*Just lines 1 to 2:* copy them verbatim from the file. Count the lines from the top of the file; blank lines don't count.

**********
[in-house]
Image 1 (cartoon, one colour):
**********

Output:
[in-house]
Image 1 (cartoon, one colour):